Immigration reform efforts continue to make news in the US, but implementation challenges regarding a recent administrative order could turn dreams of an inclusive workplace into nightmares for both employees and employers.
The State of US Immigration Reform in 2012
The November election results have given pro-immigration reform groups new hope for achieving their goals. The reelection of President Obama offered a particular boost, with DREAM Act supporters hoping the administration would expand current immigration reform efforts. Last week, 600 would-be DREAMers coalesced in Kansas City, Missouri to expand their support to include not just the DREAM Act but also extensive immigration reform.
One such effort is the Obama Administration’s Deferred Action for Childhood Arrivals (DACA) program.
DACA in Focus
DACA is an administrative order that would allow individuals who meet certain requirements to obtain employment authorization and “deferred action” from immigration law enforcement (i.e., deferred removal/deportation proceedings) regarding their status.
DACA is something of a consolation prize for the Obama Administration, which had backed the DREAM Act until the Senate blocked it in 2010. (Some border-state Republicans have answered DREAMers with their own inspirationally-named legislation, the Achieve Act.)
In his June 2012 remarks regarding immigration, President Obama reiterated that DACA is not an amnesty or immunity program. Therefore, the DACA application itself does not confer legal status, nor does the granting of work authorization by USCIS.
Successful DACA applicants must show proof of continuous US residence and a clean criminal record, among other eligibility requirements. The DACA application process appears to be straightforward for those applicants still in school. However, veterans and those out of high school may require additional documentation to show continuous US residence, such as documentation from a current or previous employer.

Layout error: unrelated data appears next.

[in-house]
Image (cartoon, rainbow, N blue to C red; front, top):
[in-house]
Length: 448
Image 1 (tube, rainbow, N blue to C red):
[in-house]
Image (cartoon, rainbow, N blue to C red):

But what is an employer to do when asked to furnish a trusted worker with documentation for a work permit? An employee’s request for documentation becomes an admission that he or she has no current work authorization and, essentially, has made misrepresentations in either an employment application or while completing new hire paperwork. Aside from such conduct being a breach of federal law, it could also run afoul of any number of internal work rules.
Due Care Needed in DACA
Interestingly, USCIS has specifically contemplated that employers may be asked for documentation that would show an individual’s US presence. USCIS Form I-821D, which includes instructions for DACA applications, lists pay stubs, W-2 forms, employer letters and tax returns as possible documents to establish residence. However, employers should be cautious in communicating with employees regarding any specific DACA applications. In addition, employers may wish to avoid disseminating information regarding DACA directly to the workforce.
Without due care on the part of both employees and employers during the DACA application process, employees may become subject to immediate discharge, leaving employers subject to civil penalties (even taking into account enforcement agencies’ prosecutorial discretion).
Under these challenging circumstances, and with no small measure of irony, the DACA application process may transform productive workers into unemployed day dreamers.